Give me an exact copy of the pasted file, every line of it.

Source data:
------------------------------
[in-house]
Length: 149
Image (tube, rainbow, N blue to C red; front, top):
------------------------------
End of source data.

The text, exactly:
[in-house]
Length: 149
Image (tube, rainbow, N blue to C red; front, top):